The 2016 Electronic Literature Organization international conference and media art festival is the first to consider sound as a form of electronic/generated/computational (EGC) literature. A sound strand was designated as part of the festival with a theme of “storytelling.”
Theorists and practitioners were invited to explore this theme through a variety of sound-based forms, including soundscapes, sound walks, sound collages, sound art, sound maps, phonography, field recording, radio-audio drama, radio transmission art, and audio performance. They were encouraged to consider storytelling based on sound sources other than the human voice, combined with sound effects, silence, and imagination to convey sound-based narratives that operated without screens and were designed for careful listening experiences. The conference theme asked artists to consider new opportunities, new horizons for theory and practice with EGC literature.
One new horizon is the elevation of sound in/of/as EGC literature. With a focus on sound, and increased opportunities for its assimilation into future works of EGC literature, we might ask questions like . . . . What conditions of and for new listening experiences are emerging with the continual development of new media, both as a technology and as a system for communicating new ideas in new ways? Can we expect new, unheard (of) sound(s) that, very quickly, will challenge our ability to listen and configure sonic narratives?
The artists and works curated in this exhibition have addressed these questions in different and interesting ways. Judy Malloy’s “The Roar of Destiny—Twentieth Anniversary Version” adds her own voice recordings to several lexia in her pioneering work of experimental web-based hyper fiction. Through the addition of voice, Malloy, explores new opportunities for engaging with the image-rich text of her work, for communicating their ideas, and for challenging participants (nee “readers”) to engage with their narratives.
“techne_lab: a journal of practice-based research” by Ryan Wade Ruehlen and Mark Amerika, features a series of sound recordings sampled from lectures and talks by faculty of the Doctoral Program in Intermedia Art, Writing and Performance (IWAP) at the University of Colorado at Boulder. These voices improvise and articulate the experiential qualities of multi-authored and/or hybridized forms of transmission as well as practice-based research methodologies currently emerging from the digitally expanded intermedia arts and writing of contemporary culture. In the end, Ruehlen and Amerika foreground sound, specifically the sound of human vocalization, as articulation of abstract thought, itself fundamental to art and writing.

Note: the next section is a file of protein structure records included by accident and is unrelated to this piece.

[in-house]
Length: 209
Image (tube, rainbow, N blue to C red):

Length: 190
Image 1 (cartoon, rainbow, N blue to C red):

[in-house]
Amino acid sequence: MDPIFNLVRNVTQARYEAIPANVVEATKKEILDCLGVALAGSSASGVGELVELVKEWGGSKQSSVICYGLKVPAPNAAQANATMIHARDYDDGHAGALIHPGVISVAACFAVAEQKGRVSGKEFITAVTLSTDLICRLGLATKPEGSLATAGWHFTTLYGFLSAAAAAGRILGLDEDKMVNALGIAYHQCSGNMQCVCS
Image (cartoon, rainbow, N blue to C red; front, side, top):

“Audio Metaphor,” conceived and developed by Miles Thorogood, Jianyu Fan, and Philippe Pasquier, all from Vancouver, British Columbia, Canada, is an autonomous soundscape generation system that transforms an utterance into a soundscape. Users are invited to enter an expression or sentence as a prompt for the creation of a soundscape. This interactive audio installation questions the ubiquity of information, be it real or fake, actual or synthetic. Through its generation of sounds, and the requirements for listening, this work points at issues around big data, artificial intelligence, machine learning and other techno-scientific advances, and their impact on our perception and experience of the world. The requirement, and often joy, of listening to these generated soundscapes reinforces their ability to convey sound-based narratives that are engaging, as well as immersive.
“Tomorrow, Today Will Be Yesterday — Angles and distance, time and perspectives” by Portuguese sound artist Rui Almedia combines video and audio responses from international artists to the work’s title. More than an obvious exercise connecting imagery and sound, the installation explores and experiences the way in which the sounds shape visuals and vice-versa, even without an apparent connection, except that with the work’s title. The result is a collection of seemingly decontextualized images that could become a suggestion of different perspectives within the time frame of each sound piece.
“In Memoriam Decio Pignatari” by Brazilians Janete El Haouli & José Augusto Mannis is a sound poem for radio in honor of Decio Pignatari, creator of concrete poetry in Brazil in the 1950s along with the brothers Augusto and Haroldo de Campos. Sound is the central concern for this work: its broadcast via radio technology, room acoustics, and listening practices are part of the larger story. Combined with video, the work might easily be seen as simply multimedia, but instead Mannis explores gesture as central to the practice of concrete poetry.
Each work is engaging in its own right, as a unique work of sound art, or the creative addition of sound to EGC literature. As a group, a strand with this media arts festival, they require our thoughtful listening and continued reflection. Rather than augmenting EGC literature, these works represent new opportunities, new horizons for our theory and practice with this creative genre.
- Rui Almeida, Independent Artist, “Tomorrow, today will be Yesterday – Angles and distance, time and perspectives” [See Artist Site]
- Janete El Haouli & José Augusto Mannis, Universidade Estadual de Campinas–Unicamp / Instituto de Artes, Laboratório de Acústica e Artes Sonoras–LASom et al, “In Memoriam Decio Pignatari” [See Artist Site]
- Judy Malloy, Independent Artist, “The Roar of Destiny – 20th Anniversary Version” [See Artist Site]
- Ryan Wade Ruehlen & Mark Amerika, UC Boulder, “techne_lab: a journal of practice-based research” [See Artist Site]
- Miles Thorogood, Jianyu Fan, & Philippe Pasquier, Simon Fraser U, “Audio Metaphor” [See Artist Site]